House Bill 5049 "(p)rovides that the owner of any vehicle alleged to have been in a motor vehicle accident resulting in injury to or death of any person or damage to any vehicle or property, whether driven, attended, or unattended by any person, where the driver of the vehicle did not stop and report the accident, shall, upon appropriate demand by the State's Attorney or other designated person acting in response to a signed complaint, provide a written statement or deposition identifying the operator of the vehicle if such operator was not the owner at the time of the alleged violation. Provides for a 3-month suspension of the vehicle registration for failure to provide the written statement or deposition. Provides that, in the event the owner has assigned control for the use of the vehicle to another, the person to whom control was assigned shall provide a written statement or deposition identifying the operator of the vehicle."

On the face of it, it doesn't seem like such a bad bill. But is it a good bill?

First of all, just how many hit-and-run accidents have there been annually in the past five years where it was suspected that the owner knew who the driver was and refused to identify him? Hundred? One hundred? Fifty? Twenty-five? Even five or ten each year?

So, do our legislators need to be fooling around with this, or should they be solving the financial crisis in which the State of Illinois finds itself, fixing Education or fixing the roads? I can think of many more important issues. This is clearly "low-hanging fruit" and can be confirmed by a vote in the House that passed the bill unanimously.

The more important question is whether it is fair or constitutional. Should an owner of a vehicle not under his control at the time of a hit-and-run be subjected to a threat of loss of his driving privileges for three months?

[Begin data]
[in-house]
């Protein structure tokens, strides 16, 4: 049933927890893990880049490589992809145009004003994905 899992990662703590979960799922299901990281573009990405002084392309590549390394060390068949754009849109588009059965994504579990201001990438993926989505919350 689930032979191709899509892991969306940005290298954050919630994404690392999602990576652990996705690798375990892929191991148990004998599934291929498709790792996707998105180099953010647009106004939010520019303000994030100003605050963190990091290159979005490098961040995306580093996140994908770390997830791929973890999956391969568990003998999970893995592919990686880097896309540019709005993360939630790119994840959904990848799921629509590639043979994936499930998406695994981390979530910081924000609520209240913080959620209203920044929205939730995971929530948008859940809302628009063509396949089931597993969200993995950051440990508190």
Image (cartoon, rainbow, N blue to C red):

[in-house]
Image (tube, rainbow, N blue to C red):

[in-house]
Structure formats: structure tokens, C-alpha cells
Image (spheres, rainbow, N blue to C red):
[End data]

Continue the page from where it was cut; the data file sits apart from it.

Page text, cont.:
The proposed bill does not say that he must identify the owner "if he knows who the driver was." It says that the owner "...shall ... provide a written statement or deposition identifying the operator of the vehicle ..." What if the owner doesn't know who the driver was and, therefore, cannot identify the driver? He cannot meet the law, because the law will say that he must do so. If the owner wasn't in the car at the time of the hit-and-run, he cannot know who was driving!

Could there be circumstances where he might, knowingly or unknowingly, have allowed a person without a valid driver's license to use the vehicle? And, if he provides the statement, will the police then arrest him for allowing that unlicensed person to drive his car, even if the owner did not know that the driver did not hold a valid license?

Can you begin to get a feel for the unfairness of this legislation?

Who is going to write the statement that the owner will sign? Will the police officer or deputy provide a statement? "Sign here or else." Will he write his own statement? (If so, he should be sure to answer these questions - What color rope do you want around your neck? On what day do you prefer to be hanged?

Will he first pass it by his attorney (and at what expense?), in order to sure that he doesn't put the noose around his own neck?

Let the legislature spend its time solving real problems and not horsing around with this law any further.

This is Cop Work?

Did you see Sunday's article (Page 8C) in the Northwest Herald about the allegedly intoxicated McHenry venfor who was hit by a schoolbus at Cary-Grove High School on Friday? Cary Police say being an intoxicated pedestrian is a traffic offense. OK, so what's the big deal?

The Big Deal is that Cary Police charged the schoolbus driver for failure to exercise due caution to a pedestrian "only so police could legally test her for drugs and alcohol." The newspaper article said that, according to police, the schoolbus driver did not appear intoxicated.

This intrusive action by a police department is totally unacceptable. People (that's you and me, folks!) must object to this type of police work. Look! If they suspected she was intoxicated, okay, so charge her and test her.

But to cite the driver just so they could test her, this is wrong. Dead wrong!